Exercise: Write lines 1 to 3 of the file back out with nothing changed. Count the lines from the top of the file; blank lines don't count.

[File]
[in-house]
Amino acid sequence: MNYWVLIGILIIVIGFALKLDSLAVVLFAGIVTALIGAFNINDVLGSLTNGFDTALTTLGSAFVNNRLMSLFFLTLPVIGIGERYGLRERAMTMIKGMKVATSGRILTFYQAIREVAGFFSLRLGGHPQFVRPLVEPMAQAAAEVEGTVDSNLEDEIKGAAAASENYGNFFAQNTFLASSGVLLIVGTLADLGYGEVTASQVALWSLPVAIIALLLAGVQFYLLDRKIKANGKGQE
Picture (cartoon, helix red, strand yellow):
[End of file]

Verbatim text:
[in-house]
Amino acid sequence: MNYWVLIGILIIVIGFALKLDSLAVVLFAGIVTALIGAFNINDVLGSLTNGFDTALTTLGSAFVNNRLMSLFFLTLPVIGIGERYGLRERAMTMIKGMKVATSGRILTFYQAIREVAGFFSLRLGGHPQFVRPLVEPMAQAAAEVEGTVDSNLEDEIKGAAAASENYGNFFAQNTFLASSGVLLIVGTLADLGYGEVTASQVALWSLPVAIIALLLAGVQFYLLDRKIKANGKGQE
Picture (cartoon, helix red, strand yellow):